There's no denying that GPS is a wonderfully useful tool, but any tool can malfunction, break or simply be misused. And of all the “new” (read: post-1990s) technological tools we modern Americans have integrated into our lives, GPS seems most likely to be catastrophically misunderstood — or at least most likely to generate news headlines about catastrophic misunderstandings.
You know the stories. Remember the Oregon couple last September who spent several days lost in the wilderness after their GPS led them off the Interstate onto an unpaved logging road? Or the Alaskan airport that had to put up barricades, after a flaw in Apple Maps software inspired clueless iPhone users to keep driving onto its runways?
One of our readers, a woman named Wendy, might have inspired such a headline herself, except fortunately, she noticed her GPS' bad advice before following it through to a bad result. On March 25 she wrote to report that her new Garmin worked well when she used it around town, but when she looked into updating its maps, she learned the update would take three hours.
When she took the time to update it, she had difficulties uploading the new map software, and eventually wound up returning the Garmin for a refund after the updated maps gave her incorrect directions. “Thank goodness I was NOT on a trip when I encountered these problems,” Wendy noted.
She said she still has an older Garmin model which has always worked well for her, and she's never updated its maps and now never intends to, for fear of replacing correct data with incorrect.
Not just Garmin
Not that Garmin deserves singling out here; plenty of TomTom users have similar complaints: can't update their maps, or can't trust the maps they have.
More importantly: it's worth remembering that even a GPS whose information is never outdated and always completely 100% accurate (a purely mythical GPS, in other words) can fail you in other ways — especially if the signal from one or more GPS satellites is blocked.
GPS uses the principle of “triangulation” to determine where you are. (As the name suggests, triangulation only requires three satellites, though most commercial GPS systems actually take readings from four or more to ensure greater accuracy.)
Here's an oversimplified explanation of how triangulation works: your GPS reads the signals sent from satellites orbiting the earth and then, by calculating exactly how long it takes the signals from various satellites to reach the device, figures out where it is relative to those satellites, and thus determines your latitude and longitude, usually to within a few feet of accuracy.
But if it can't access signals from any satellites, or from only one or two, then it lacks the data necessary to figure out its location. And if you're driving through tunnels, or even beneath particularly wide systems of overpasses, you can easily lose the signal just when you need it most.
Something I know from personal experience: if ever you drive into Boston via the city's “Big Dig” road-and-tunnel network, there's many places where you must choose whether to turn left or right, to take an exit or stay on the main highway – and these places are underground, where no GPS or smartphone can possibly get a signal. So you need to know where you're going, because your GPS won't.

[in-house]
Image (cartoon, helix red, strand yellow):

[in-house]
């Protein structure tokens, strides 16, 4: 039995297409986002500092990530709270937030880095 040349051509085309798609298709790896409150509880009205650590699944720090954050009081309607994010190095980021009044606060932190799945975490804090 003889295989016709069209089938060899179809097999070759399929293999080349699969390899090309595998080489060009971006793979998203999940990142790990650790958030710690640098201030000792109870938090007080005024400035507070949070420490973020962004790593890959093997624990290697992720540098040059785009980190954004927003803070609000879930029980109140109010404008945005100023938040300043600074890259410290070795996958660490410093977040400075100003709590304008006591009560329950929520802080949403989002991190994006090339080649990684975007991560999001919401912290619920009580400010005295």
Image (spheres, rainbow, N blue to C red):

Also, on various road trips through ultra-scenic parts of the Appalachians, there were areas where my GPS would fail, presumably because the mountains blocked signals from one or more satellites. (I'd speculate this is even worse for Western drivers in the much-taller Rockies, though I haven't tested this myself.)
Even if your GPS has a strong signal, you still need to pay attention, not merely to the GPS but to the road itself; otherwise, you might end up like the Washington State driver who ended up in a lake after the GPS mistook a boat launch for a road, the New Jersey man who drove off the road into a house and blamed his GPS for confusing roadways with residences, or the Pennsylvania woman who ignored both road signs and prevailing traffic patterns, and blamed her GPS for the head-on crash she caused driving north in a southbound lane.
You especially don't want to put your complete faith in GPS in cases where deadlines matter. Suppose you're going to a job interview, and you have the address but don't know how to get there. If you rely on your GPS and it loses its signal or sends you in the wrong direction, you could be late for your interview — which pretty much guarantees you won't get the job.
What to do
So what do you do? If you have the time, do a drive-by the day before, to ensure you know exactly how to reach the place. If not, check other maps of the area, and print or write out a hard copy of the map or directions to take with you.
And if you're the worrywart type, as I am, check more than one online map source. Many years ago, when Internet maps were still a new thing and I lived in the Northeast, I printed an online map to a certain job-interview destination, did a drive-by the afternoon before — and that's how I discovered a certain now-defunct-and-good-riddance online map source had sent me to the Chestnut Street in one town, when I actually wanted the Chestnut Street next town over. (Side note: If you ever hear a New Englander complain “Every freaking municipality in my state uses the exact same street names,” that person is exaggerating – but not as much as you'd think.)
Of course, test drives aren't an option for vacations and long road trips; for that, the best backup for your GPS is keeping a road atlas and a magnetic compass in your car. You can't always get a signal for your GPS or your smartphone, but reading a paper road atlas requires no technological backup at all.